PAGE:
The Los Angeles County Board of Supervisors approved $117.5 million to renovate the Los Angeles County Museum of Art after a hearing that included appearances by celebrities such as Brad Pitt, Diane Keaton and some patrons of the museum. The renovation calls for demolishing existing buildings on the museum's sprawling Wilshire Boulevard campus west of downtown Los Angeles and replacing them with a futuristic-looking structure designed by architect Peter Zumthor that would span the wide boulevard.
The structure will be built across and above Wilshire Boulevard using the bond financing matched by $525 million in private money raised by the museum, CBS Los Angeles reports. The project will cost $650 million, which includes parking and other infrastructure costs that may not be included in that square footage calculation.
Pitt praised Zumthor, calling him "one of the great architects of our time ... (who) builds from the soul, for the soul."
"There's no way to understand his work from a computer-generated image," Pitt said. "You really have to stand in them to see his mastery of light and shadow."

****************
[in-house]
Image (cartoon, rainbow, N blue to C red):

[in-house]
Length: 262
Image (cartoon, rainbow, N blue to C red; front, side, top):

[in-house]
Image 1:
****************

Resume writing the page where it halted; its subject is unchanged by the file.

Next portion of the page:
Keaton used the prestigious Oscars to illustrate Zumthor's renown in the architectural community.
"This architect, Mr. Zumthor, has been honored with 16 awards," said Keaton. "So if you were an actor, that means you would have won 14 Academy Awards, which is never going to happen. So I think we're sitting pretty."
Critics say the project is too costly, will reduce gallery space by 10 percent and have accused LACMA Director Michael Govan of working to silence opposition to the project, arguing that the museum shouldn't be saddled with millions of dollars in bond debt.
Residents like Oscar Pena criticized the process as "autocratic and openly hostile to the public."
Despite a unanimous board vote, Sheila Kuehl of the Los Angeles County Board of Supervisors noted that she supported the design and had no reservations about offering her support, implying that some of her colleagues were not as enthusiastic.
After the redesign, LACMA will boast a total 220,000 square feet of exhibit space.